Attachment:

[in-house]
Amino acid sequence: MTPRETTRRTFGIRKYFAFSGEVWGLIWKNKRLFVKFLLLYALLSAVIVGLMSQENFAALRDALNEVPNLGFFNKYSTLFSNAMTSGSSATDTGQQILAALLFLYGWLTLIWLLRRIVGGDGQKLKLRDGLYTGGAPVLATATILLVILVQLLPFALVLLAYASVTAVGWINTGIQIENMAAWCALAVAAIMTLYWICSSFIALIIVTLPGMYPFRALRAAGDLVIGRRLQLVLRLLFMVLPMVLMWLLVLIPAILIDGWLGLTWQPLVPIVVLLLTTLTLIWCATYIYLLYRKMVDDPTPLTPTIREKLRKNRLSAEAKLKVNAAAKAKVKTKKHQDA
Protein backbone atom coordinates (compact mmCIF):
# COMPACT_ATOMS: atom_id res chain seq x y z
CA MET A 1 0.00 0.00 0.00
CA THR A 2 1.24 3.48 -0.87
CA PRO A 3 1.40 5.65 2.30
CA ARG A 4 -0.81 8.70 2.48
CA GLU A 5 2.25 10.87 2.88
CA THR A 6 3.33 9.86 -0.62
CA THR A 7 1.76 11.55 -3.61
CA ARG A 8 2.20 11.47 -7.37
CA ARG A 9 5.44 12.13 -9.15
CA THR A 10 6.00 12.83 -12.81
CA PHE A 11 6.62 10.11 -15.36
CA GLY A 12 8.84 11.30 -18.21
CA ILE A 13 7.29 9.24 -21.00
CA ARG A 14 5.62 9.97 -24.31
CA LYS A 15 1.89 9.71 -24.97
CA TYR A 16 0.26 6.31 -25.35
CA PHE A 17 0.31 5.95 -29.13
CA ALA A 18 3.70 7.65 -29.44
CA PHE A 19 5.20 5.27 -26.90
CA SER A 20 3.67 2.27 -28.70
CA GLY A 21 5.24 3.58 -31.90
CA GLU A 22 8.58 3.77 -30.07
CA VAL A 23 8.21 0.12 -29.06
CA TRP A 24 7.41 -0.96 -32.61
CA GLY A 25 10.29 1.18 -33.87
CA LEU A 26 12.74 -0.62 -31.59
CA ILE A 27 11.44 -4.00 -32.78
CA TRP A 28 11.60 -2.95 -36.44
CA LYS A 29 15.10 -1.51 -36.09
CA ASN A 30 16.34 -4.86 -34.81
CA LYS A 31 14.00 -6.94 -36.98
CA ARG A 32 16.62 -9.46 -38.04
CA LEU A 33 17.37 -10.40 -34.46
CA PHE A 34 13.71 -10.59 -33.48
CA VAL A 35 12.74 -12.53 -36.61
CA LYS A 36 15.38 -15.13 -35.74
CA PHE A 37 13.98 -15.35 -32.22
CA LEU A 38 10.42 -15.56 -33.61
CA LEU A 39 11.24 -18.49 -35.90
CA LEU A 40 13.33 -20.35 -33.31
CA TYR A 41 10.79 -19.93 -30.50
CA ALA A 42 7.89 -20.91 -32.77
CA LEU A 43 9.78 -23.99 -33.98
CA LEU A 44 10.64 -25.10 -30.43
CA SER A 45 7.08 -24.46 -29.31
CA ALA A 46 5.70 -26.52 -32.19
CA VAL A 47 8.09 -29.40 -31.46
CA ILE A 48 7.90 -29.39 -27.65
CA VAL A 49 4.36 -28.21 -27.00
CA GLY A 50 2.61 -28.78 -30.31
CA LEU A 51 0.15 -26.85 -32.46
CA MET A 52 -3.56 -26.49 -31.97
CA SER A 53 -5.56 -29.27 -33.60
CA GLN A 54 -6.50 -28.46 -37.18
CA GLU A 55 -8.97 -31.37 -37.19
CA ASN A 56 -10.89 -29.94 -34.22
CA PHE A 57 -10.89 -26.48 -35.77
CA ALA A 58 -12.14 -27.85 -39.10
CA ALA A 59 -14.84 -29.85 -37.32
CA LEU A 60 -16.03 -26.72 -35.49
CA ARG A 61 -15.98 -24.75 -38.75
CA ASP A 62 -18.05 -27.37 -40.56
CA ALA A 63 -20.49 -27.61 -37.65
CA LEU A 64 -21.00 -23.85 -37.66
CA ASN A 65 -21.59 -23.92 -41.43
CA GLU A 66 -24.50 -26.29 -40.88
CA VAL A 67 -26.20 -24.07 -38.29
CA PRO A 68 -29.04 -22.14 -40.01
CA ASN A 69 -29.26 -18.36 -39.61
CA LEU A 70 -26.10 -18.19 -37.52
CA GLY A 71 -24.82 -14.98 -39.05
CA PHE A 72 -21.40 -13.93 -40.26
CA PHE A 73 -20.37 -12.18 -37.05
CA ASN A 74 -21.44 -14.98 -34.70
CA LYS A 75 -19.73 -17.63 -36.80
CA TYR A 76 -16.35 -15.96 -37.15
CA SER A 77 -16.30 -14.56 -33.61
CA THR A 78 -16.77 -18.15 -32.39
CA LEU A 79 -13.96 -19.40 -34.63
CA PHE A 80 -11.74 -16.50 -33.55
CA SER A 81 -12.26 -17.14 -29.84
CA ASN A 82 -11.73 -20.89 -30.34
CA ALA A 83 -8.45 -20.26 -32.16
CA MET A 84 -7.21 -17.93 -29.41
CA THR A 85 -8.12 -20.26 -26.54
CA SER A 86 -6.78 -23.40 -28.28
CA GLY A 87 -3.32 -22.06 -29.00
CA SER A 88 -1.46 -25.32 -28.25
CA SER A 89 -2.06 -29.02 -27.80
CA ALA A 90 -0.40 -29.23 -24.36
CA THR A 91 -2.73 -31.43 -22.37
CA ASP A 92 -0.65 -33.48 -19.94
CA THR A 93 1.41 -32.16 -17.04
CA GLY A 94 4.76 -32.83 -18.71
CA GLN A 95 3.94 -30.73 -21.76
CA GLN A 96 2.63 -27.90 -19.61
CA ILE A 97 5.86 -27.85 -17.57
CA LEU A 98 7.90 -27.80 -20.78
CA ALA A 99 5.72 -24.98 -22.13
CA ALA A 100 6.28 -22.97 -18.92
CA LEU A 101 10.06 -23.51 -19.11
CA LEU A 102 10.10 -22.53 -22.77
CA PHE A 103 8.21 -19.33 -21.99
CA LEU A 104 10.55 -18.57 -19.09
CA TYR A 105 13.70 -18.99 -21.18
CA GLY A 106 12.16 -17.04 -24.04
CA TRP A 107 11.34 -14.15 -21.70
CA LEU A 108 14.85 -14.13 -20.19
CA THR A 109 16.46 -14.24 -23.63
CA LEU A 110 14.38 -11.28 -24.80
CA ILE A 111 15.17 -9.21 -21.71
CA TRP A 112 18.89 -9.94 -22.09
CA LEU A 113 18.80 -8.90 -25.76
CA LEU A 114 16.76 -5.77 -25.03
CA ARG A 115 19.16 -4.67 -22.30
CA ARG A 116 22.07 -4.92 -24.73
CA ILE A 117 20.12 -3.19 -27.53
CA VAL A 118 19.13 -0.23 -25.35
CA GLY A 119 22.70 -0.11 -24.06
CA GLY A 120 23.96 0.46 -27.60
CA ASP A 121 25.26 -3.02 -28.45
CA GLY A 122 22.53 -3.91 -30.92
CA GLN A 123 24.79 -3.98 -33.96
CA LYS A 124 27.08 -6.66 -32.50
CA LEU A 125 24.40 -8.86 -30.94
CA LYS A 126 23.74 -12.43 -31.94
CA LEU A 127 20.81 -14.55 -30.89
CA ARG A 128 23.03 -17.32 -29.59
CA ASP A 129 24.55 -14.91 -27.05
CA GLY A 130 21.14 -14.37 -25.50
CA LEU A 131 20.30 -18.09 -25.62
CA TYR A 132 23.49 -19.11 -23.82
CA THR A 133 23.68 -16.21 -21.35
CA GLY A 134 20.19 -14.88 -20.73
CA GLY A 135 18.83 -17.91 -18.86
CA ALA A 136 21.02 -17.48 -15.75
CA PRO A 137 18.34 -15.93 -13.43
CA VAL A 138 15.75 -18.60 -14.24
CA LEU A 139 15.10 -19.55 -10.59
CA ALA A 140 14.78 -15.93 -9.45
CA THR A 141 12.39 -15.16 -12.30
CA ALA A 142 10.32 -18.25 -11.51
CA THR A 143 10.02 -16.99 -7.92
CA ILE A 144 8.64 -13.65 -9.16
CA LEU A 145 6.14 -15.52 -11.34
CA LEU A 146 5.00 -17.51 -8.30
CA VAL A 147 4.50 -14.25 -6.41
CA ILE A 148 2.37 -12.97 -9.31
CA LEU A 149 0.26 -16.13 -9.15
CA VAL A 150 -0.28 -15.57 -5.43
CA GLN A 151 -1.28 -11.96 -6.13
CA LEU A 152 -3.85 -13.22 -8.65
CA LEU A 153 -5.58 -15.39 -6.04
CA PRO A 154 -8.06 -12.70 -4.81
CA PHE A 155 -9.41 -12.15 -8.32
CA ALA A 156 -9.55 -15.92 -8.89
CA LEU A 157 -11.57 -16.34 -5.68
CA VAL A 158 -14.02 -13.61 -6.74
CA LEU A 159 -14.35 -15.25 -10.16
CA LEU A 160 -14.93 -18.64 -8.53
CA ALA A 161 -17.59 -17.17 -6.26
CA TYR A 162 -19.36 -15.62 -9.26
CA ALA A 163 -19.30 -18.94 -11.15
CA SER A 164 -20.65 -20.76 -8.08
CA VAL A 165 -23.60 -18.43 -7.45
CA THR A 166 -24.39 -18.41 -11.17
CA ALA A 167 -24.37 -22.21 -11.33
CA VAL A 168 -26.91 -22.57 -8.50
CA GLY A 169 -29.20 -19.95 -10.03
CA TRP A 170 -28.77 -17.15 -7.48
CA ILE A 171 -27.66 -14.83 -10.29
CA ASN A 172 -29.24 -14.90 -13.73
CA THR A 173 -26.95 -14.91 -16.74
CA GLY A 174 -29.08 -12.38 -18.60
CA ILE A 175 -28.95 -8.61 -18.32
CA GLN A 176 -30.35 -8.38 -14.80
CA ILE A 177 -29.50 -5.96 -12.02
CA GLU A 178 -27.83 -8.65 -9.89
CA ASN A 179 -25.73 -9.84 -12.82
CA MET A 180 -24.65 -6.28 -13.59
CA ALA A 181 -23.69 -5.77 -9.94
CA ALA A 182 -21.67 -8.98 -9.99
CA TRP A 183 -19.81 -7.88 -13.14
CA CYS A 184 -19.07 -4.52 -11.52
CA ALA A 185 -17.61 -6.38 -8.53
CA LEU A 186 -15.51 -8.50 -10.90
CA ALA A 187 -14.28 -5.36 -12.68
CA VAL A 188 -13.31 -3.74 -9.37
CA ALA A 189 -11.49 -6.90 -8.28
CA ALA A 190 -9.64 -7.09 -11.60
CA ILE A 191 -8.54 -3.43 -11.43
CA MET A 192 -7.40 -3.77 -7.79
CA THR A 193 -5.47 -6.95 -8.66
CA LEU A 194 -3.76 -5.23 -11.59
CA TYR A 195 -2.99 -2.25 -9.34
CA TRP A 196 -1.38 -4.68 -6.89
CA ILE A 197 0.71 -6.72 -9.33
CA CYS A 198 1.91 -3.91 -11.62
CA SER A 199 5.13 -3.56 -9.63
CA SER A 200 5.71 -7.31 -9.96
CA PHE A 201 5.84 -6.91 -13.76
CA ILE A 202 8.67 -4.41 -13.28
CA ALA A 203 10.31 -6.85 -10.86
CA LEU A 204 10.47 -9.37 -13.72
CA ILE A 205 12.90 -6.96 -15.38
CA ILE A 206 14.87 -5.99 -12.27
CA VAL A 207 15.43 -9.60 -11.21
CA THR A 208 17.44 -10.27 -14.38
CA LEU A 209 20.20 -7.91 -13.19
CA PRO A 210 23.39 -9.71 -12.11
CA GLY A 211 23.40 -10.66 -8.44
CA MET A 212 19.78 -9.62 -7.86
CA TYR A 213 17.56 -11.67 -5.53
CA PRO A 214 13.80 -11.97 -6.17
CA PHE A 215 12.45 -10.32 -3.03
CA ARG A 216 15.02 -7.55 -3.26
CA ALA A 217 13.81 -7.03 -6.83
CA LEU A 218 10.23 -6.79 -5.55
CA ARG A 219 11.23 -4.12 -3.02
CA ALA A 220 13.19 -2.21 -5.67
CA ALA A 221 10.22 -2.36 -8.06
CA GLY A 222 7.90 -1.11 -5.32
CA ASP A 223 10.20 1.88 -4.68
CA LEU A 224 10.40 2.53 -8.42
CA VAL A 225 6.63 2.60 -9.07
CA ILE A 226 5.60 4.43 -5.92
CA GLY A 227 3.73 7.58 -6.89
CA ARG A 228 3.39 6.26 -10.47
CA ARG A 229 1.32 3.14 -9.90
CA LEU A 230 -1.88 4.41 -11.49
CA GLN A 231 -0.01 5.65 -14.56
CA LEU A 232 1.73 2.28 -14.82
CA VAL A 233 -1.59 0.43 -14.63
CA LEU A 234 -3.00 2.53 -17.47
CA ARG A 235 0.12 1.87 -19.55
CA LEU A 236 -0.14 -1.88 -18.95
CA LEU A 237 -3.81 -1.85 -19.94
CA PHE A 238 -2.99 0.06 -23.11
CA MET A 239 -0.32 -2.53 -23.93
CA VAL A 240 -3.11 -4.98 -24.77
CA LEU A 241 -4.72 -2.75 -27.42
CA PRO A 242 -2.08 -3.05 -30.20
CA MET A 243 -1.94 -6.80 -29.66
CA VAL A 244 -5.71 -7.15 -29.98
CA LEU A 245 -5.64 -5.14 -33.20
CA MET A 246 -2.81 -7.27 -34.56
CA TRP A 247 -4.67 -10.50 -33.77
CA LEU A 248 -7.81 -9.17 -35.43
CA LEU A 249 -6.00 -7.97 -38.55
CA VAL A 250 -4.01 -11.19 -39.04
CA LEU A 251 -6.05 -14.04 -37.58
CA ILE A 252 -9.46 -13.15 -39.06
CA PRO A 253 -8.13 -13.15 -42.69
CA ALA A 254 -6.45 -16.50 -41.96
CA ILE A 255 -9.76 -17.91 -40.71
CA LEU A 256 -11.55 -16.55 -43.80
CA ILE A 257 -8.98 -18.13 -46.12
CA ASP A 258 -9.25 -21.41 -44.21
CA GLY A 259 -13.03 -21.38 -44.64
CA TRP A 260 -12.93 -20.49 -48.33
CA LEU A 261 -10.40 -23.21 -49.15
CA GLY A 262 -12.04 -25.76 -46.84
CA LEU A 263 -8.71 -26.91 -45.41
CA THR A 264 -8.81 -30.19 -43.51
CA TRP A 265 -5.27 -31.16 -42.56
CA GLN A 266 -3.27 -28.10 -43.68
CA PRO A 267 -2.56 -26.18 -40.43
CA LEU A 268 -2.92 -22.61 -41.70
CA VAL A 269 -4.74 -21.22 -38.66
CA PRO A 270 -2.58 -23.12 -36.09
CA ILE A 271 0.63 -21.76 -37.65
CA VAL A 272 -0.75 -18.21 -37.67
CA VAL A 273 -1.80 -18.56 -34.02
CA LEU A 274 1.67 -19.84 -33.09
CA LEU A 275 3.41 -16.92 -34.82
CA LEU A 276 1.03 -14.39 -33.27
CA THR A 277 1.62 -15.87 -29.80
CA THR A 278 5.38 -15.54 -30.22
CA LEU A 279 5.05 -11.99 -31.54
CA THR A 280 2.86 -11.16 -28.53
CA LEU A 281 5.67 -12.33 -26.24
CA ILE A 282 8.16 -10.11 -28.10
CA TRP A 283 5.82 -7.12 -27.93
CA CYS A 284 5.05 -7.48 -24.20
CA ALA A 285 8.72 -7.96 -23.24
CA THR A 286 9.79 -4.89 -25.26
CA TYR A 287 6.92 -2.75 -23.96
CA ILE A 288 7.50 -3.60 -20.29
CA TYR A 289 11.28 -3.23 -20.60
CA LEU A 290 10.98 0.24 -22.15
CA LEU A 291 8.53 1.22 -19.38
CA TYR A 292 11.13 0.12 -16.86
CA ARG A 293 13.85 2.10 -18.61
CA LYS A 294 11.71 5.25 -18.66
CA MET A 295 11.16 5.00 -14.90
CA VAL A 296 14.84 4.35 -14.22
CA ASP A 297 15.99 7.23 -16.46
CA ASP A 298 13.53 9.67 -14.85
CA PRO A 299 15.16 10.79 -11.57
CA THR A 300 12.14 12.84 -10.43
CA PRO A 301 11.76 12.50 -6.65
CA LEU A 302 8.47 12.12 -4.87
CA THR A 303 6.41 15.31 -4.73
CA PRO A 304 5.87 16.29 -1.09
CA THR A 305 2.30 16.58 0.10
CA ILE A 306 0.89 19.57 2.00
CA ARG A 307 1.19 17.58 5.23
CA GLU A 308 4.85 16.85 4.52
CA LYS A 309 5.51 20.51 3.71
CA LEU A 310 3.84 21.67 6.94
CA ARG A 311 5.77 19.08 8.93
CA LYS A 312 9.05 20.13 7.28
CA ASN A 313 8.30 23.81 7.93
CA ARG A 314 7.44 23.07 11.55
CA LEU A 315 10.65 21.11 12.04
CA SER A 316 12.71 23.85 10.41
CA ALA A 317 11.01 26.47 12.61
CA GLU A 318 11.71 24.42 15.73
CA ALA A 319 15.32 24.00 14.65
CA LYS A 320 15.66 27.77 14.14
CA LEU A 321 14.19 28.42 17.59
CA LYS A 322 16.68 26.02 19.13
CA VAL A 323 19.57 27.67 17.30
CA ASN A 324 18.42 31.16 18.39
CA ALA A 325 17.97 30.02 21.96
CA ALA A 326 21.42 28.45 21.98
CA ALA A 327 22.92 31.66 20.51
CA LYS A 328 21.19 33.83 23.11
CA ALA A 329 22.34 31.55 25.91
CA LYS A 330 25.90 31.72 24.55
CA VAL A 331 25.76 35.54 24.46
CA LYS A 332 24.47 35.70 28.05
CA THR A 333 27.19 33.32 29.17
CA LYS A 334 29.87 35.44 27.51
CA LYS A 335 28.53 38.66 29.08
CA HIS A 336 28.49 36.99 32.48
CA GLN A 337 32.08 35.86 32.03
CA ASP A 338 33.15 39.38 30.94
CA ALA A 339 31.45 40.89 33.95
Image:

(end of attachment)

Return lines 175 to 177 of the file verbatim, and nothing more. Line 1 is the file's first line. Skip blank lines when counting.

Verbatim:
CA ILE A 171 -27.66 -14.83 -10.29
CA ASN A 172 -29.24 -14.90 -13.73
CA THR A 173 -26.95 -14.91 -16.74